When I was first informed that I’d be embedded with the Vandebilt Catholic football team for its playoff football game with Neville, I had mixed emotions.
Sure, I knew that it was a cool opportunity to make a road trip for a high-stakes playoff football game – something that I love to do under almost any circumstances.
But this was different – for obvious reasons.
First, it was Thanksgiving. What warm-blooded American enjoys missing out on precious time with friends and family by working on Thanksgiving? I know I don’t. I’d imagine that you’re in the same boat as me.
Secondly, by making the trip, it meant that I’d miss both the Dallas Cowboys and LSU’s football games – a real bummer for a nerdy fan like myself. Heck, I cannot remember the last time that that’s happened. If I did the research, I may find that it’s never happened in my lifetime watching football.
But now that it’s all over and we’ve returned from Monroe, I have this one lasting impression from my time with the Terriers – it is not a coincidence that Vandebilt was the last team standing in the Tri-parish area.
They are a first-class program filled with first-class people.
I am thrilled and honored to have been a part of the Terriers’ community for my two-day Thanksgiving stay.
Let’s start with the coaching staff – a group led by Brad Villavaso, who is otherwise known as “Coach V.”
To people who do not know Coach V, he may come off as a pretty scary kind of guy.
A former player, he still has much of his football build, possessing a strong, muscular frame.
Away from that, he also possesses a loud, raspy voice that makes it seem like he’s shouting at you – even if he’s just talking in his normal tone.
He’s just a loud dude – there’s no other way to say it.
Before this week, I knew Villavaso was a solid coach – his resume speaks for itself. He coached in the Southeastern Conference – that’s enough for me to be sold.
But during this trip, I was introduced to the other side of the coach and I saw why his Vandebilt squad is successful now and will be in the future.
The head honcho of Vandebilt’s football program is a great man and a true class act.
Throughout the entire trip, Coach V made sure that I was comfortable and got everything that I needed to get my story done.
Sure, the same can be said of almost every coach I encounter. I’m blessed with a group that understands the importance of local media to prep sports.
But this assignment was different – it involved me basically invading the privacy of a football team before its most important game of the season.
Not very many coaches would trust a reporter enough to unlock all of the program’s doors in the playoffs.
But Vandebilt did just that for me and I am truly grateful for the opportunity.
But Villavaso isn’t alone – he’s surrounded by a slew of class people in the program’s inner circle.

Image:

His assistant coaches are all an extension of the head coach and are knowledgeable coaches, who have both football smarts and legitimate love for the team’s players.
They, too, were a joy to be around.
I don’t like to speak for anyone, but I think I can speak for Villavaso and say that a large part of his success is because of the hard work and dedication of the coaches around him.
Away from the football building, the Terriers also have a loyal fan base. The ones that traveled to Monroe with us made sure that I felt at home – constantly reminding me that I was welcome to any of the snacks and goodies they had prepared for the team.
“You gave up Thanksgiving to be with us – the least we can do is give you a sandwich,” one parent said with a laugh when offering me a sandwich from Honey Baked Ham.
One even thanked me for being willing to sacrifice my holiday to “make those boys feel good about themselves.”
I could talk about the kind words bestowed onto me all day, but I’d be remiss if I didn’t quickly shift away from myself and onto the real heroes of this week – the Terrier players.
I did not have very high expectations for behavior when I was told of this assignment. Thinking back to my own life as a 16-year-old, I could safely state that if I would be on a bus for 10 hours total in two days, shenanigans would have ensued.
Likewise, if I were in a hotel alone without my parents, more chaos would have been forthcoming.
But Vandebilt’s players were a pleasant surprise.
On both the trip to Monroe and back, they showed true character, keeping volume levels down.
In the hotel and throughout the stay, the players handled themselves like men and treated everyone around them with respect – saying please and thank you to hotel workers every time needed.
In today’s world where respect and manners are endangered species, it was very pleasant to be around a fine group of young men.
Talent is a must for football success – that’s obvious. But character must also be present for a team to succeed.
Vandebilt’s 2012 squad had lots of that – it shined through and through in my two days with the team.
Working for Thanksgiving is a bummer – there’s no doubt about it.
But Vandebilt’s football program saved my holiday and provided me with a very memorable two days.
I had to make a last-minute revision to my 2012 list of things I’m thankful for – new friends.
After this week, I certainly have quite a bit more of those.